As RayofCommand said, the sentence in question is correct, absolutely and 100 % correct.
(You can also shorten it like this: »Als ich 15 war, lernte ich …« or simply »Mit 15 lernte ich …«.)
However, it would likely be taken to imply that at the age of 15, like some genius or wunderkind, you managed to completely learn French in one straight effort. As we know, learning languages takes time … a lot … you do not completely learn a language in one fell swoop. So what you probably wanted to say is: »Mit 15 fing ich Französisch an.«
On the other hand, take this one: »In der Schule lernte ich Französisch.« This is more realistic, matches our real-world expectations, and doesn't imply any astonishing learning effort.
PS concerning the title of your question, »Expressing processes in the past with “als”«:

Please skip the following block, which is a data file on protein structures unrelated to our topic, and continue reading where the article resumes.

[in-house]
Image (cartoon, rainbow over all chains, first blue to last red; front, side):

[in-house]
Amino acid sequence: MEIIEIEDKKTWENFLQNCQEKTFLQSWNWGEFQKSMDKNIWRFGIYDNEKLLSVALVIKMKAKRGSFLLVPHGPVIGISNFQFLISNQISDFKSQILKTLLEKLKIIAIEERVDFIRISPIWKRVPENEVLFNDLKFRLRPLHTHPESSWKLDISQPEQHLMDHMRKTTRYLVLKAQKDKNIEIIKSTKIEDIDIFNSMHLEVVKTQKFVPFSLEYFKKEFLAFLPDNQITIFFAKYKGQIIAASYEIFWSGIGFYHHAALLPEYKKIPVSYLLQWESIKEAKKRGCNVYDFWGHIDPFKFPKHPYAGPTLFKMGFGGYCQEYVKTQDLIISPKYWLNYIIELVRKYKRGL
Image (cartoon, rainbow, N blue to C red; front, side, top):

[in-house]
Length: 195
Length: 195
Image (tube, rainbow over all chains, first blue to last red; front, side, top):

There's not the same kind of temporal precision in German tenses as in English or French, where you get things like simple past vs past progressive vs present perferct, or passé composé vs imparfait to express different aspects of past, like momentary or continuous action; however, even though these aspects are not built into tenses in German, they are logically present, of course, just expressed differently, using temporal adverbial expressions, like »neulich« oder »das ganze Jahr« oder »eine Zeit lang« … so what am I trying to get at here? Well, the temporal conjuction »als« implies a momentary action, not a continuous one, with the intent to pinpoint one moment in time, rather than to evoke an ongoing process or lasting state of things.
So, applied to your example, »als ich 15 war«, that's that moment in time right there, and it is unlikely (though not impossible (in the case of a genius)) that you learnt all the French that there is to learn at that age … :)